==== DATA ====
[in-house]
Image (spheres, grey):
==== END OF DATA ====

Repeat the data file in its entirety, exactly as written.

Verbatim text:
[in-house]
Image (spheres, grey):